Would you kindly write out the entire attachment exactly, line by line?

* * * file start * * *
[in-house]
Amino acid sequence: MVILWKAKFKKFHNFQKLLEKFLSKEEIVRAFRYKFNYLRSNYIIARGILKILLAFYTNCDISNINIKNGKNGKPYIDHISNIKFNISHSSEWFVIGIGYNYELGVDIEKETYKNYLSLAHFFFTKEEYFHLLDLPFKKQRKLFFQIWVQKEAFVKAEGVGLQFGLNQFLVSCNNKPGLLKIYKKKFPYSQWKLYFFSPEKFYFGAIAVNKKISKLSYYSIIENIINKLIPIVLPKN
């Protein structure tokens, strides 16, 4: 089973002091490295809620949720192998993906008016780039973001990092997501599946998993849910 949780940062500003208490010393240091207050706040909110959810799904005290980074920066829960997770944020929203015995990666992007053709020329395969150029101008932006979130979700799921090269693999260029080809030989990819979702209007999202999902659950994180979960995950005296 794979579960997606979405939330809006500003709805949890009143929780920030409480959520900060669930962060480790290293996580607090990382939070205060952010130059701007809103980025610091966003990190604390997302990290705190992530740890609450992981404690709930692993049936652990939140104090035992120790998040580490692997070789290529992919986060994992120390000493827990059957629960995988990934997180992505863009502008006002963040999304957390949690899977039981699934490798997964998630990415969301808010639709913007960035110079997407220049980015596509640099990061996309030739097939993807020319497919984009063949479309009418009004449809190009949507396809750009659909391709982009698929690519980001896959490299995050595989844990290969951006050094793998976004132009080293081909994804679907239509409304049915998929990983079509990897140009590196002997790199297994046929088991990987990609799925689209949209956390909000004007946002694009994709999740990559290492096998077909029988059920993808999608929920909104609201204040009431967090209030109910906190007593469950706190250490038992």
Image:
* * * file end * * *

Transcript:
[in-house]
Amino acid sequence: MVILWKAKFKKFHNFQKLLEKFLSKEEIVRAFRYKFNYLRSNYIIARGILKILLAFYTNCDISNINIKNGKNGKPYIDHISNIKFNISHSSEWFVIGIGYNYELGVDIEKETYKNYLSLAHFFFTKEEYFHLLDLPFKKQRKLFFQIWVQKEAFVKAEGVGLQFGLNQFLVSCNNKPGLLKIYKKKFPYSQWKLYFFSPEKFYFGAIAVNKKISKLSYYSIIENIINKLIPIVLPKN
């Protein structure tokens, strides 16, 4: 089973002091490295809620949720192998993906008016780039973001990092997501599946998993849910 949780940062500003208490010393240091207050706040909110959810799904005290980074920066829960997770944020929203015995990666992007053709020329395969150029101008932006979130979700799921090269693999260029080809030989990819979702209007999202999902659950994180979960995950005296 794979579960997606979405939330809006500003709805949890009143929780920030409480959520900060669930962060480790290293996580607090990382939070205060952010130059701007809103980025610091966003990190604390997302990290705190992530740890609450992981404690709930692993049936652990939140104090035992120790998040580490692997070789290529992919986060994992120390000493827990059957629960995988990934997180992505863009502008006002963040999304957390949690899977039981699934490798997964998630990415969301808010639709913007960035110079997407220049980015596509640099990061996309030739097939993807020319497919984009063949479309009418009004449809190009949507396809750009659909391709982009698929690519980001896959490299995050595989844990290969951006050094793998976004132009080293081909994804679907239509409304049915998929990983079509990897140009590196002997790199297994046929088991990987990609799925689209949209956390909000004007946002694009994709999740990559290492096998077909029988059920993808999608929920909104609201204040009431967090209030109910906190007593469950706190250490038992």
Image: